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Montana's unemployment rate rose to 4.8 percent in October, up from 4.6 percent in September but still well below the national rate, the Montana Department of Labor and Industry said Friday.

U.S. unemployment last month was 6.5 percent.

Montana is outperforming the nation, "but it is clear that the national economy is causing troubles here at home," said Keith Kelly, the state labor commissioner.

Job losses at Montana companies that recently gave notice of layoffs are not reflected in the October numbers.

Stillwater Mining Co. on Monday gave 60-day layoff notices to 526 workers, although actual job losses may be fewer. Stillwater says it expects to cut costs by ending about 320 company jobs and 50 contract jobs at the East Boulder Mine and the Stillwater Mine at Nye.

The platinum and palladium producer has a Montana work force of 1,770.

On Friday, Plum Creek Timber Co. sliced plywood production at its Kalispell plant by 20 percent, a cut that cost 64 people their jobs effective

Dec. 1.

The company said the Kalispell plant, along with the Columbia Falls facility, will run two rather than three shifts. The cutback at Columbia Falls will cost an additional four jobs, the company said in a press release.

After Dec. 1, the Kalispell operation will employ 212, while Columbia Falls will employ 186.

Figures released earlier this week from the University of Montana show an industry in decline, primarily because of the slumping housing market.

More than 700 millworkers have lost their jobs since 2005, and production at various lumber mills is down 31 percent during the same period.

In Great Falls, demand for assistance through the state Job Service is up, but fewer positions are available, job seekers and the service said.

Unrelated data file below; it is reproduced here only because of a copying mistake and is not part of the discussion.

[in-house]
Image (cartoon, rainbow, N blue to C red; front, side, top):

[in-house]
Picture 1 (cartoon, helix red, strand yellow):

Nicole York, 27, of Fairfield said she and her husband thought they could get by on his income while she received training for eventual work as dental hygienist, "but we can't do it." On Thursday she checked job opportunities through the Job Service.

"There's not a lot out there and, if there is, it's not paying worth a hoot," York said.

Barbara Hardy of the Job Service staff in Great Falls said that a month ago, employers placed about 400 job orders. "We're down to 278 right now," Hardy said Thursday.

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Nationwide, new claims for jobless benefits rose by 27,000 in one week, to 542,000, the U.S. Labor Department said Thursday. That is the highest level since 1992. In Montana, claims increased by 268, to 2,079, for the week ending

Nov. 8.

Labor Commissioner Kelly encouraged laid-off workers to use an online option in filing for unemployment benefits.

"Because this is the time of year when most seasonal employment ends and more Montanans are filing for unemployment insurance, the Claims Processing Center's phone lines are extremely busy," Kelly said. The Web address for online filings is

Todd Morgan, director of forest industry research at the Bureau of Business and Economic Research at UM, said market conditions will remain dismal through 2009 and perhaps into 2010.

"The job market is not very good," said Laura Gardner, supervisor at the Flathead Job Service. "We actually have the lowest number of job orders since 2002. It's just very, very tight."

Gardner said the employees will be eligible for unemployment payments that will cover about half their wages. Ordinarily, they would receive payments for about six months, but President Bush on Friday signed an extension that will give laid off workers an additional 13 weeks of pay.

"What they need to be doing now is getting their resumes in good order and working on their interview skills for that time when we do see an improvement in the job market," said Gardner.

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